We live in a world of constant contact—a place that’s losing sight of the importance of being alone. Offices are abandoning cubicles in favor of shared desks and wide-open common spaces, and rather
Patricia Clason's insight:

How are you doing at alone time? It has many benefits...

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Why You Should Strengthen Your Brain-Gut Connection

Why You Should Strengthen Your Brain-Gut Connection | Emotional Intelligence Quotient | Scoop.it
People often talk about a “gut feeling” when they meet someone for the first time. From the time we’re young adults, we’re told to “trust our gut instinct” when making decisions. It is common to pause for a “gut check” when faced with situations that test our mettle and resolve.

The brain-gut relationship is more than metaphorical. Our head and gut are joined by a network of neurons and chemicals that provide feedback about how starved we are, whether we’re under pressure or not or if we’ve consumed a microbe we shouldn’t have.

The information pathway is named the “brain-gut” axis and provides natural and immediate updates on the body’s status of affairs. That drowning feeling in the pit of your belly after checking out the post-holiday bills is a clear illustration of the brain-gut relationship at work.

As in any ecosystem populated by opposing species, the ecosystem in the gut commands that inhabitants survive. Just as forest creatures would struggle in the desert, microbes that rely on the mucus layer will flounder in a gut where mucus is sparse. Build up the mucus and microbes will be staging a rally. The nervous system can help decree which microbes inhabit the gut, even if the choices are not conscious. It’s mind over microbes.

The brain-gut connection has seen major breakthroughs in neuroscience and psychology research  recently. In 2015, research found that increasing the balance of healthy bacteria in the gut and help reduce anxiety and lessen symptoms of depression.

One study showed that individuals with more fermented foods in their diet exhibit less neuroticism and social anxiety. “It is plausible that the probiotics in the fermented foods are positively improving the conditions in the gut and changes in the gut, in turn, impact social anxiety,” Dr. Matthew, assistant professor and one of the study’s authors, said.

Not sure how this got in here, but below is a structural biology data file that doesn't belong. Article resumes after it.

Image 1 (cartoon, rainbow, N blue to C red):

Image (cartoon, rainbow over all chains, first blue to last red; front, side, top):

Is Yogurt the Path to Happiness?

Recent research into the brain-gut connection shows that the signals sent between the brain and gut travel both ways. The meaning of this? The nourishments you consume can have a potent impact on your attitude.

Yogurt, for example, is a mood booster — a powerful one. The probiotics in yogurt contribute mood-lifting benefits and exert incredible power over one’s body. Not only may balance microbiota ward off depression, weight gain, and disease, it’s a two-way highway.

Tension and stress in the cerebrum can affect your gastrointestinal well-being and the bacteria already in the digestive system can influence how you become stressed. Consuming yogurt promotes the proliferation of advantageous, mood-enhancing bacteria, making it a mood raising snack on a deep level.

If a person can’t eat dairy, there are other creamy, probiotic options such as goat’s milk or coconut milk. The non-dairy options may be tolerated better and are equally as comforting.

Depression

Humans have two brains. The second is called our enteric nervous system and consists of over 100 million neurons that are in the walls of the long tube of our gut beginning at the esophagus and ending at the anus. Measuring nine meters long, it is deeper than most swimming pools.

As important as the neurons in the gut is the bacteria found there. Our bodies are dwelling places for over 100 trillion bacterial and microbes — known as our microbiome. Besides breaking down our food, fighting infection and boosting our immune system, the microbiome plays an important role in our mental health.